City Commission erred in closing budget meeting
The Livingston City Commission made a disappointing and unusual decision Tuesday when it shut the public out of discussions about next year’s budget.
Those in attendance at the meeting, including a reporter from The Livingston Enterprise, were asked to leave the meeting, and the commission went into a closed executive session to discuss the possibility of eliminating one or more positions within the local government.
Government entities — at the local, state and federal level — often discuss the possibility of losing positions when there’s red ink on the upcoming budget.
Normally, the public has an opportunity to weigh in on these matters and voice their support or opposition.
After all, these are public agencies staffed by public employees in offices operating with public money.
Yet the Livingston City Commission apparently believes the possibility of eliminating a public position is a private matter.
Chairman James Bennett read a short statement during Tuesday’s meeting wrongly claiming that “the demands of individual privacy clearly exceed the merits of public disclosure.”
If you’re scratching your head, you’re not alone.
We believe the commission knew better, and that the four commissioners in attendance were well aware that these matters should not be discussed behind closed doors. Commissioner Sarah Sandberg was absent.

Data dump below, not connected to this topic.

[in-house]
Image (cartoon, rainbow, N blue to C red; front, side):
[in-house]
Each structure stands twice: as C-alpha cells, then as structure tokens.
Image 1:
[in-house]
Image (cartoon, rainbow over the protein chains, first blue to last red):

The public clearly and undeniably has a right to know and weigh in on what jobs the local government is considering for the chopping block as it works to eliminate a $131,000 shortfall in the annual budget.
Are we talking about eliminating police officers? A firefighter? Plow truck drivers? Unfortunately, the public has no idea what’s on the table, if anything. That’s not fair to taxpayers, the public or the employees of the city of Livingston.
Furthermore, there was no mention on the agenda about the possibility of an executive session. All of this sounds hypocritical of a commission that frequently touts its commitment to transparency.
The decision to shut out the public could have consequences if the commission ultimately cuts a position based on its discussion during the closed executive session, according to Mike Meloy, an attorney with the Montana Freedom of Information Hotline.
“A court certainly could void the decision to eliminate the position because the closure of the meeting to the public was illegal,” Meloy told The Enterprise on Wednesday.
When a reporter from The Enterprise asked about the decision to close the meeting Tuesday, the acting city attorney cited the state’s open meeting laws.
If you haven’t read the state’s open meeting laws, let us assure you they are pretty straightforward.
These laws state in part that “public boards, commissions, councils and other public agencies in this state exist to aid in the conduct of the people’s business.”
The law goes a step further — perhaps Montana lawmakers wanted to make their intent very clear — stating that this part of the law “shall be liberally construed” to favor openness.
Montana’s 1972 Constitution and its right-to-know sections sought to cement the public’s right to attend meetings, inspect public documents and participate in the decisions of the local government.
The commission should be commended for working to balance the budget, but future discussions on the possibility of job cuts must be in accordance with state law and open to the public that it represents.